Ten things you won’t hear about while the press navel-gazes about Leveson and regulation

News keeps happening, some of it quite important.

 

1. The Department for Work and Pensions has introduced emergency legislation to "protect the national economy" from a £130m payout to jobseekers deemed to have been unlawfully punished. The so-called “Poundland” ruling would potentially entitle thousands of people to financial rebates after the court of appeal declared that almost all of the government's "work-for-your-benefit" employment schemes were unlawful. The legislation is will come before the Commons tomorrow as the Jobseekers (Back to Work Schemes) Bill.

2. Trent Mays and Ma'lik Richmond, the Steubenville high school football players, were found guilty of raping a 16-year-old after a party in August last year. It’s become a national story in the US – a CNN reporter was accused of being a “rape apologist”

3.  The Public Accounts Committee have declared HMRC’s handling of taxpayers’ calls has been "unambitious and woefully inadequate”. HMRC received 79 million calls in 2011-12, but 20 million of these calls were not answered. On top of that, just last week HMRC announced it was to close all of its 281 enquiry centres in 2014. 

4. The inquest into the death in prison of a man convicted of stealing a gingerbread man during the riots in 2011 opens today. He died in Wandsworth prison in August 2011. He had a history of mental illness and physical problems, which his foster family say were not addressed by the prison.

5. BP is taking legal action to limit the compensation it has to pay to people affected by the Deepwater Horizon oil spill in the Gulf of Mexico in 2010. The company says some of the claims being paid are "fictitious" and "absurd".

6. David Bowie is number one again, for the first time in twenty years.

7. Greek footballer Giorgos Katidis has been banned from playing for the national team for life after he made what's been called a Nazi salute after scoring the winning goal during a match on Saturday.

8. Another gang rape has taken place in India – five men have been arrested and two more suspects are wanted after a Swiss woman was attacked while camping with her husband in a forest on a cycling holiday.

9. There are fears that once the French withdraw from Mali next month, the remaining African forces wouldn’t be able to cope with a resurgent terror threat from al-Qaeda.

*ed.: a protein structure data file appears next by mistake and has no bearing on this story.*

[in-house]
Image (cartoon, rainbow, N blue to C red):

10. We’re not going to get spring until after Easter, apparently. What?

 

A navel to gaze upon. This one belongs to Rihanna. Photograph: Getty Images

Caroline Crampton is assistant editor of the New Statesman.

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Theresa May's fight against burning injustice can start with the UN's anti-austerity treaty

The UK urgently needs to make sure social rights are protected. 

Fifty years ago this month the United Nations presciently adopted a treaty creating legal safety nets for vulnerable communities facing the effects of austerity in wealthier democracies. 

Although this treaty applies to all countries, rich and poor, in prosperity or austerity, this anniversary provides a timely reminder that the treaty has much to offer both those who are just managing and those who are unable to manage.

Admittedly the treaty's title does not trip easily off the tongue - it is called the International Covenant on Economic, Social and Cultural Rights. However, with protests against globalization expressed in the UK with Brexit, in America with Donald Trump and most recently in Italy and France, the Covenant, although international, places limits on globalisation, because it places vulnerability and community at its centre. 

The rights protected by the Covenant include the right to payment for work at a level which provides a "decent living for themselves and their families", the right of everyone to adequate food and housing and the right to the "continuous improvement of living conditions". There are also provisions, which oblige the government to make higher education progressively free, and a right to the highest attainment of health.